The dangers of defending women accused of sorcery in Papua New Guinea


In Papua New Guinea, defending women accused of sorcery, has become a life-threatening occupation. The UN and European Union run Spotlight Initiative, is promoting legislation that will protect threatened human rights defenders in the country, who risk violence, torture, and death.

“When we are trying to help others, or when we go to court to take up someone’s case, we face threats and intimidation,” says Mary Kini, of the Highlands Human Rights Defenders Networks.

Personal cost

For more than 14 years, she has been working to assist victims of sorcery-related violence, and gender-based violence, in Papua New Guinea (PNG), despite the high personal cost that often comes with it.

Kini recently joined fellow human rights defenders Eriko Fuferefa, of the Kafe Urban Settlers Women’s Association, and Angela Apa, of the Kup Women for Peace in Mount Hagen, for a three-day consultation on the development of a Human Rights Defenders’ Protection bill.

“For so many years we have not been protected and some human rights defenders have been killed along the way,” said Fuferefa. “Some of them are abused, or tortured. We have so many bruises.”

Following advocacy from the Spotlight Initiative, there is now greater political ownership of issues of violence against women and children, demonstrated by the country’s first Special Parliamentary Inquiry on gender-based violence, which delivered recommendations to parliament and has made notable legislative advances in the area of sorcery accusation-related violence.

‘They just wanted to kill me’

Practices to identify those accused of sorcery vary between districts, but generally, when someone has died unexpectedly, the family of the deceased will consult a Glasman (male) or Glasmeri (female) to identify who in the community is responsible.

Accusations of sorcery by a glasman or glasmeri have led to the torture and murder of dozens of women across PNG. While accusations can be levelled at both men and women, most of the victims of violence are women.

“When my husband died, we took him to his village and there, his family began to suspect that I killed him, so they planned to cut off my head and bury me with my late husband,” explains one survivor. “It wasn’t true, they just wanted to kill me.”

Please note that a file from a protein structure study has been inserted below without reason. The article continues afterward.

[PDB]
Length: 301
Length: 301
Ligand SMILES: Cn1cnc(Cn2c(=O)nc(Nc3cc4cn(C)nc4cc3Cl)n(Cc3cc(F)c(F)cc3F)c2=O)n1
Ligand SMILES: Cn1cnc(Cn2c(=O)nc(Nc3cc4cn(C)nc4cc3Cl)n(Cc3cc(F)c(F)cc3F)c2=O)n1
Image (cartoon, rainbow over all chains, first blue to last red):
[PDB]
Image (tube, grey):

“People have these norms, these beliefs,” said Kini. “When a Glasman or Glasmeri comes along and says something, people automatically react to what they are saying.”

A long overdue change

Amendments to the Criminal Code make it illegal to use, attempt to use, or threaten to use their services. Penalties include up to 10 years in jail and fines of up to 10,000 PGK(US$2,840).

In submissions to the Special Parliamentary Inquiry in 2021, the Spotlight Civil Society Reference Group (of which Kini is a co-chair) recommended that the Government review policies and laws that address social norms that allow for sorcery-related violence, including the use of glasman and glasmeri.

“This is very important, and I am really pleased that this has passed as this is something we have been asking for, for a long, long time,” concluded Kini.

Sorcery-related violence

The consultation held in partnership with the Spotlight Initiative and the Constitution and Law Reform Commission, was the first of four that took place in March across Papua New Guinea, to progress legislation that better protects human rights defenders from retaliation or intimidation in the course of their work.

Human rights defenders are often targeted when they assist a survivor of sorcery accusation-related violence because they are seen as interfering in a customary practice, or when they help survivors of gender-based violence to move provinces, because they are considered to be meddling in a family matter.

According to media reports, an average of 388 cases of sorcery accusation-related violence are reported across four Highlands provinces every year, but fear of retaliation means the true number of victims is likely far higher.